Take note:


• If you plant only one or two types of vegetables in your garden, you will find that there are long periods when you have nothing to eat from it, and short periods when you have too much! So it is important that you plan what you are going to plant and that you plant a big variety of vegetables at the same time.
• Roots differ in length and feed at different depths. Some plants have big leaves and need room to spread; others are small. Some plants are tall, while others are short.
Planting from seed costs you far less than buying seedlings from a nursery. However many people do not have much success when they first start. Here are a few tips to make it easier for you:
• Use fresh seed. You do not want to waste growing time by planting seed that won’t germinate because it is old and no longer viable.
• Seeds must be sown at a depth of three times their own size. Be careful not to plant too shallow or too deep.
• With very fine seed (carrots and lettuce) mix a teaspoon of seed with a cup of fine, dry sand when sowing. This makes it easier to sow thinly

If you’re worried about the birds eating your carefully planted seeds, or the heavy rain washing them away or compacting the soil, make a net from plastic mesh bags – the type that vegetables are sold in; open them out and stitch them together to make a cover that is big enough to protect your bed.

If you have planted your seeds carefully, said a little prayer for each one, and made sure that they are kept damp you will soon have the excitement of seeing the earth stirring as the baby plants muster the strength to force their way through the soil to the warmth of the sun.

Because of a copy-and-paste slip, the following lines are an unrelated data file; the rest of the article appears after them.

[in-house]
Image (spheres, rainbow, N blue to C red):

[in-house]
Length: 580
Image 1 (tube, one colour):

Good luck!

 

Published with the kind permission of Biophile

The Biophile online portal and print magazine deals with matters close to the heart of everyone who shares their concern for the future of our planet and species, and who aspires to lead an ethical, environmentally sound life, in harmony with all of earth’s creatures.

The mission of Biophile is to impart knowledge with truth and integrity for the highest good of all. Biophile is not affiliated to any religious, political or philosophical ideology or organisation. Their ethos is one of co-operation and sharing.

www.biophile.co.za

 

 

 

For more information, please visit this articles web page.
This article was published on Saturday 23 May, 2009.